Perfect Picture Book Friday – Stepping Stones: A Refugee Family’s Journey

Well, folks, the groundhogs have spoken!

And apparently they were not all on the same page!

Punxsutawney Phil said 6 more weeks of winter.

Punxsutawney Phyllis was on the fence at first, but reluctantly ended up concurring with Phil when the sun undeniably came out and cast her shadow in all its beauteous perfection 🙂

Staten Island Chuck (short for Charles G. Hogg VII 🙂 ), who has the best track record of accuracy at 80%, said early spring.  (And you may be pleased to know that the current Chuck is actually a girl… so she’s probably right! 🙂 )

Nova Scotia’s Shubenacadie Sam agreed with Chuck.

So as you can see there is some furry headshaking and dispute over what will actually happen.  I guess we’ll all have to just wait and see who is right and who should have stayed in the burrow 🙂

Early spring or no, we can still enjoy Perfect Picture Books!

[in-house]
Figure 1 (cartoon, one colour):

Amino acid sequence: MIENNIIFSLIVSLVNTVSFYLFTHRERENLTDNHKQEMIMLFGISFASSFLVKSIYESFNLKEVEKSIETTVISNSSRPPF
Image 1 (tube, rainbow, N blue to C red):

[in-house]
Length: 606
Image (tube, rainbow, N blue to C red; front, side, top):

Although part of me wants to share a cozy fuzzy book today as an antidote to all that’s happening in the world, I think sometimes there’s an important place for more serious books that address meaningful issues in a way kids can manage and appreciate.  So today I have what I consider a very special book to share.

stepping-stones

Title: Stepping Stones: A Refugee Family’s Journey

Written By: Margriet Ruurs

Illustrated By: Nizar Ali Badr

Orca Book Publishers,  October 2016, nonfiction – bilingual edition English/Arabic

Suitable For Ages: all ages

Themes/Topics: family life, geographic location (Syria), war, hardship, refugees, settling in a new life

stepping-stones-3

illustration copyright Nazir Ali Badr 2016

Opening: “‘Rama, wake up!’
the rooster crowed
every morning when we still lived at home

From my warm bed
I listened as Mama prepared breakfast –
bread, yogurt, juicy red tomoatoes
from our garden.

When I was little, not so long ago,
my brother, Sami, our friends and I
played on sunbaked soil.
We laughed, ran across rocks and sand,
free as birds.

When Papa came in from the fields,
he would sit for a time under the orange tree
and tell stories of our ancestors.

Brief Synopsis: (From the publisher’s description) “Stepping Stones tells the story of Rama and her family, who are forced to flee their once-peaceful village to escape the ravages of the civil war raging ever closer to their home. With only what they can carry on their backs, Rama and her mother, father, grandfather and brother, Sami, set out to walk to freedom in Europe.”